Don’t

  • Don’t: Simply cut off financial support – especially if you were the primary breadwinner in the relationship.  There’s nothing that upsets a judge more than hearing about a bully who has cut off his or her spouse from what was, until separation, a historically stable and regular form of financial support
  • Don’t: Refuse to allow or fail to exercise ongoing regular parenting of the children.   The law favours the parent who supports shared parenting where it is in the children’s best interests.
  • Don’t: Act from emotions. In any contest or dispute, the worst thing you can do is act without first thinking and getting as much objective advice as possible before taking any actions. Family and friends are great, but they are not objective and they are unfamiliar with the law. Take a step back and get professional advice to help decide your next best step.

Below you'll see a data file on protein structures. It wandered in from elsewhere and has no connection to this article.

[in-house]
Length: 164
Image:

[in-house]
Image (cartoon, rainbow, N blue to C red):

• Don’t: sign or agree to anything without legal information and legal advice.

Do’s

  • Do: Keep and obtain copies of as many documents and records as possible. Financials, loan applications, texts, emails, social media posts should all be obtained and preserved.
  • Do: Make full financial disclosure in order to ensure that whatever settlement is reached cannot later be challenged due to non-disclosure or misrepresentation
  • Do: Communicate, negotiate, mediate or otherwise work things out fairly and reasonably
  • Do: Get legal advice before you reach any final settlement so that you understand all of your rights as well as all of your obligations (including spousal and child support obligations or entitlements).